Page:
I was talking with friends last night over wine and the notion of being a great man came up. It was surprising at least two of us had thought about this at one time or another, yet I can’t recall the last time I’d seen a magazine, a TV show or essay explore the idea.
So we spent some time running through names of some potentially great men/women, and then settled on two more challenging questions.
1. Can you be a “great man” or “great woman” without being an asshole?
The easy definition of a great man/woman is based on external achievement. People who cure a disease, lead a nation, pioneer progress, earn great wealth, or inspire many others. And for a variety of reasons, I’ve read many biographies about people who qualify in various fields.
It turns out many of them were jerks. Talented and driven, but hard to like.
Some were estranged from their families (Woody Guthrie) , had difficult marriages (Martin Luther King. Jr, and too many others to count), behaved unethically (Any of the robber barons of the 19th, 20th or 21st centuries) and treated co-workers, partners or subordinates poorly. Edison ignored his kids. Steve Jobs and Bill Gates were notorious for yelling at people who worked for them. Run through any list of greats and you’ll find many were quite mean, immature or depressive, despite their legendary success.
It raises the question: is being a jerk a necessary quality to achieve greatness?
It’s surprisingly hard to find people who
- Achieved great things for the world
- Were happy
- Treated people closest to them well
Can you think of people who meet even two of these criteria (1&2 or 1&3)? Please leave a comment.
2. Are the truly great people the ones whose names we’ll never know?
For someone to be famous enough to be a household name in their lifetime, they’re likely fame seekers. Prolonged fame is unlikely to be accidental. This means the names we know of great people are ones who chose to put energy into being perceived as great, and the books and movies are slanted towards people egotistical enough to set out to be seen as great. These are people who focused on how the world sees them, perhaps at the expense of how their children, their partners, their neighbors, and their community sees them.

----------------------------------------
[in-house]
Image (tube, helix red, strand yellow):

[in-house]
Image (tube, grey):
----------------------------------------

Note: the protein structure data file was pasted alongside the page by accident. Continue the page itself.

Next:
Perhaps true greatness, or a truly great person, is someone who does the right things for the right reasons without expecting grand external rewards. They don’t do things “to be the best” or “to be famous” or “to be a legend”. Instead they sacrifice those ambitions in favor of simply doing what the people around them most need. They want to be great only through being useful to those they care about most, regardless of how little acclaim they get from the whole wide world for it.
It might just be that the dedicated policeman, the passionate high school history teacher, the great Mom/Dad, the wonderful Uncle, are the people who are truly great, because they add real, honest, local value to the world for its own reason. They’re not blinded by ego, so they can more clearly see the simple, obvious, but critical needs they can satisfy.
While someone else might be able to make a billion dollars, they know only they can raise this child, teach that student, support this community, or help that friend in times of need. And unlike the worldly kind of greatness, which is spread wide and thin across thousands of people, it might be only the other kind of greatness, the humble local kind, that has the potency to run deep into people’s hearts and memories, changing them for the better, forever.
What do you think? What does it mean to be a great person?